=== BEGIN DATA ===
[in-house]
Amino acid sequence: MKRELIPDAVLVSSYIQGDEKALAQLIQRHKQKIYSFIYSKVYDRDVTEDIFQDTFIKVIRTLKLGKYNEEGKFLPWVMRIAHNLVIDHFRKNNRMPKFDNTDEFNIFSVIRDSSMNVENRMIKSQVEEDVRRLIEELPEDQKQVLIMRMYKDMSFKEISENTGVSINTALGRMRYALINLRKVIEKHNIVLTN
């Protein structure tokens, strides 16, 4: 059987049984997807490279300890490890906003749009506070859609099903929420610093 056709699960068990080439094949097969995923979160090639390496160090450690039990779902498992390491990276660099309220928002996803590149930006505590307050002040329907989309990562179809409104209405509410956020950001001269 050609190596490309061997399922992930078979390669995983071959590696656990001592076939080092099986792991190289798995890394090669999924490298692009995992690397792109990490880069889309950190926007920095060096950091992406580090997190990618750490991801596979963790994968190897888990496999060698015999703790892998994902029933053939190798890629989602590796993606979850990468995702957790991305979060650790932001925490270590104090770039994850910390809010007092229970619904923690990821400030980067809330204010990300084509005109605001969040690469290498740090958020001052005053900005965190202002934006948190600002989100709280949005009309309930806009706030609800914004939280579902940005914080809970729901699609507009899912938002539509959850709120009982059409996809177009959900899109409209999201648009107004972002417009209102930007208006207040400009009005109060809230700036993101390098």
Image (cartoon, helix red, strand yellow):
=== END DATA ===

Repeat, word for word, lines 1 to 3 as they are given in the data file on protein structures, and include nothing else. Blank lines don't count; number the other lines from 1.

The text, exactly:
[in-house]
Amino acid sequence: MKRELIPDAVLVSSYIQGDEKALAQLIQRHKQKIYSFIYSKVYDRDVTEDIFQDTFIKVIRTLKLGKYNEEGKFLPWVMRIAHNLVIDHFRKNNRMPKFDNTDEFNIFSVIRDSSMNVENRMIKSQVEEDVRRLIEELPEDQKQVLIMRMYKDMSFKEISENTGVSINTALGRMRYALINLRKVIEKHNIVLTN
């Protein structure tokens, strides 16, 4: 059987049984997807490279300890490890906003749009506070859609099903929420610093 056709699960068990080439094949097969995923979160090639390496160090450690039990779902498992390491990276660099309220928002996803590149930006505590307050002040329907989309990562179809409104209405509410956020950001001269 050609190596490309061997399922992930078979390669995983071959590696656990001592076939080092099986792991190289798995890394090669999924490298692009995992690397792109990490880069889309950190926007920095060096950091992406580090997190990618750490991801596979963790994968190897888990496999060698015999703790892998994902029933053939190798890629989602590796993606979850990468995702957790991305979060650790932001925490270590104090770039994850910390809010007092229970619904923690990821400030980067809330204010990300084509005109605001969040690469290498740090958020001052005053900005965190202002934006948190600002989100709280949005009309309930806009706030609800914004939280579902940005914080809970729901699609507009899912938002539509959850709120009982059409996809177009959900899109409209999201648009107004972002417009209102930007208006207040400009009005109060809230700036993101390098």